It’s December!!

It took nine years from writing the book to publishing it.

It took nine years from writing the book to publishing it.

Click on the image to make it larger.

Click on the image to make it larger.

There’s been a few changes since I last posted a blog in the spring …

My debut novel, Kay’s Lucky Coin Variety, was released by Simon & Schuster Canada … I finished my MFA studies in Creative Writing … I’m now working on my second novel set in 1924 Korea …

It’s December. I think I’ll take some time to reflect on this past year … it’s been quite eventful!

11th Floor Writers

The guidelines we use to run our writing circle, The 11th Floor Writers, have been added to its website. I can’t believe that we’ve gone eight years. It helps that we follow a set routine: we meet the second Saturday of every month at the same venue, we rotate chairs, and everyone adheres to guideline expectations.

I’m currently working on my second novel, and continue to be grateful for the support and constructive feedback I get from this group.

Some online resources worth checking out:

A Workshop Guide for Creative Writing
A great place to start. The guide asks a series of questions we should be considering as we critique others’ work.

Tips for Revising Creative Nonfiction
The tips also apply for fiction writing.

15 Tips for Successful Writing Groups
A comprehensive guide with lots of useful suggestions and tips.

 

David Adams Richards

With David Adams Richards at the IFOA

With David Adams Richards at the IFOA

I met up with David Adams Richards this weekend at the International Festival of Authors (IFOA) in Toronto. He was my mentor at The Humber School for Writers.

David is one of the most accomplished writers in Canada. I still can’t believe that I was lucky enough to work with him. At all times, he encouraged me to persevere. We completed the first draft of my novel in only thirty weeks!

David’s new book, Crimes Against My Brother, was released earlier this year (Doubleday Canada).

New book by David Adams Richards

New book by David Adams Richards

 

 

Promoting Korean literature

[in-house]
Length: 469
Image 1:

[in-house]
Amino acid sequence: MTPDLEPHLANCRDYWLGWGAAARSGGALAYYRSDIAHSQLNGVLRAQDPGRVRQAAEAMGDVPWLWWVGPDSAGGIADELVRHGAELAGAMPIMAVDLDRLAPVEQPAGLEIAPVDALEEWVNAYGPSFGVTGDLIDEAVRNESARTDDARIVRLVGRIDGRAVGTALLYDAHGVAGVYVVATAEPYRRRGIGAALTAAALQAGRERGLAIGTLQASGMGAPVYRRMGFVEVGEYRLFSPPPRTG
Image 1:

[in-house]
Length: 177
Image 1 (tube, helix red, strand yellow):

Jae Kim is currently a student at the University of Toronto. In September of 2013, he founded the University of Toronto Korean English Literature Society (KELS). His goal is to encourage thoughtful reflection of Korean contemporary culture. He shared that while Korean pop music, film, and cuisine have gained tremendous popularity within North American society, books and other literary works by writers of Korean heritage continue to pass under the radar. You can find out more about KELS by visiting its website.

Three GenerationsI just started reading Three Generations by Yom Sang-seop. It’s the first Korean book I’m reading that has been translated into English. The story, set in Japanese-occupied Korea during the 1930s, chronicles the highs and lows of the Jo family. It is considered one of the most influential works of fiction in modern Korean literature. You can read more about Yom Sang-seop’s book here.

 

Contemporary Poetry

Billy CollinsIn Thirteen Ways of Looking for a Poem: A Guide to Writing Poetry, Wendy Bishop states that “contemporary poets prefer rhyme that doesn’t call attention to itself; concrete, particular images; and conversational… language.” Since starting a course in contemporary poetry, I’ve been intrigued by Billy Collins’ poems. They epitomize the “unexpected phrases and strong sensory details” that Bishop includes in her characteristics of contemporary poetry.

See or hear Collins read his poems by clicking on the following links:

Forgetfulness (animated)
I Chop Some Parsley While Listening to Art Blakey’s Version of ‘Three Blind’ Mice
Some Days (animated)
Walking Across the Atlantic (animated)
Now and Then (animated)
The Trouble With Poetry